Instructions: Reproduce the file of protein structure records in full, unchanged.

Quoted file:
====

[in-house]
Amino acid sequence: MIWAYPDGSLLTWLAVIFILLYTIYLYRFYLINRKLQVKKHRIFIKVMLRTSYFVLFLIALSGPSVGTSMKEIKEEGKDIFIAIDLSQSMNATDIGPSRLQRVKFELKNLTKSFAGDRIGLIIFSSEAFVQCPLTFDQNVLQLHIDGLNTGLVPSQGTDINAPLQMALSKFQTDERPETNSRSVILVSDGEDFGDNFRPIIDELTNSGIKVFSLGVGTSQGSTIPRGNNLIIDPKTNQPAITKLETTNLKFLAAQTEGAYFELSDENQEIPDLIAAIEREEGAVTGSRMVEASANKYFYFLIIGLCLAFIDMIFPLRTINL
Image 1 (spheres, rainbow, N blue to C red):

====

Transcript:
[in-house]
Amino acid sequence: MIWAYPDGSLLTWLAVIFILLYTIYLYRFYLINRKLQVKKHRIFIKVMLRTSYFVLFLIALSGPSVGTSMKEIKEEGKDIFIAIDLSQSMNATDIGPSRLQRVKFELKNLTKSFAGDRIGLIIFSSEAFVQCPLTFDQNVLQLHIDGLNTGLVPSQGTDINAPLQMALSKFQTDERPETNSRSVILVSDGEDFGDNFRPIIDELTNSGIKVFSLGVGTSQGSTIPRGNNLIIDPKTNQPAITKLETTNLKFLAAQTEGAYFELSDENQEIPDLIAAIEREEGAVTGSRMVEASANKYFYFLIIGLCLAFIDMIFPLRTINL
Image 1 (spheres, rainbow, N blue to C red):